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jmsj 08-18-2010 02:19 PM

Concord Grape Juice turned Brown
 
I pressed about 10lb of fresh concord grapes yesterday evening. I was picking and washing them as I was presing them. The juice was coming out clear with a little purple tint. After a little while I noticed my bucket of juice turned brownish in about a half hour.Why? Is this normal? How can I stop this?
I was planning to use 4/5lb of fresh grapes per gallon top make wine. It taste sweet, but color is bad. Will it clear?

Yooper 08-18-2010 02:53 PM

Well, my concord grapes are greenish inside, and the skins are purple- could that be true of yours and why it's a brownish color? The other thing that is a possibility is that oxygen turned it brown, just like a cut potato would turn brown in air.

I wouldn't worry about it a bit- I'd go ahead and proceed. I'd add one campden tablet per gallon (crushed and dissolved in some hot water) and make the wine.

My concord grape wine looked ugly, a greenish brown mess in the primary, but is now a lovely blush wine.

eljefebrewing 08-19-2010 09:57 PM

Hey Yoop -

I have concords in my yard, and would like to make use of them. (One can only make so much jelly, syrup, etc.) :)

I have read that it's necessary to add acid blend and tannin to make decent concord wine (and possibly sugar, too?) but nowhere have I seen any quantities listed.

What do you add to yours?

Thanks!

Yooper 08-19-2010 10:56 PM

Quote:

Originally Posted by eljefebrewing (Post 2226696)
Hey Yoop -

I have concords in my yard, and would like to make use of them. (One can only make so much jelly, syrup, etc.) :)

I have read that it's necessary to add acid blend and tannin to make decent concord wine (and possibly sugar, too?) but nowhere have I seen any quantities listed.

What do you add to yours?

Thanks!

Well, I've found that acid blend is unnecessary, as the grapes are very acidic. I did a recipe that added some water (to dilute the acidity) and added sugar and grape concentrate (from a winemaking store) did the trick. I did add some tannin, in about 1/8 tsp increments I believe.

The basic recipe looks like this:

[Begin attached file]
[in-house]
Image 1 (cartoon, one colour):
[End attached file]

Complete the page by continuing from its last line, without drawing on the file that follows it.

6 pounds grapes
1/2 pint grape concentrate (from winemaking shop)
Sugar (1.5 pounds per gallon, or to get you to an OG of 1.090-1.110)
water to 1 gallon
1 teaspoon pectic enzyme
1 teaspoon yeast nutrient
1 campden tablet
wine yeast (any is fine- I like champagne yeast)
tannin as needed

Crush grapes. Put in mesh bag and put in sanitized primary. Add the crushed and dissolved campden tablet, stirring well. Add 1/2 pint grape concentrate. Dissolve sugar in 1/2 gallon boiling water and pour over grapes. Top up to 1 gallon in primary (the grapes take up some room, so you may go over a gallon a little bit). Check the OG and adjust to 1.090-1.100. I'd suggest checking the SG before adding sugar, just in case you have sweeter grapes than I do. Then you can add more or less sugar to get you to the desired OG. Stir well, and cover. Twelve hours later, add pectin enzyme. Twelve hours later, add yeast. Ferment in primary about 5-7 days or until fermentation slows a bit and you are at 1.010-1.020. Transfer to secondary, squeezing the grapes and allowing it to drain into the fermenter.

Rack whenever lees are 1/4" thick after 45-60 days. Top up with each racking. Taste for flavor. If tannin is needed, add 1/8 teaspoon and check again in a few days.

Bottle when clear and no new lees form. If you want this sweetened, either use "wine conditioner", or 1 crushed campden tablet per gallon mixed in some hot water with 1/2 teaspoon of sorbate per gallon. Rack into this mixture. Wait three days, and then sweeten as desired. Wait at least three days before bottling to ensure no further fermentation.

bcgrapes 08-21-2010 03:20 AM

Oxidative browning in must will go away when the yeast starts to consume the oxygen. Pectic enzyme will be needed, and enough sugar to reach the target alcohol level. EC-1118 is good yeast and widely available and works well without need of nutients. Concord type (Labrusca) grapes aren't the best choice for wwinemaking as they will produce sme methyl alcohol during ferment, and a god awful flavour that cannot be removed by any means known to man


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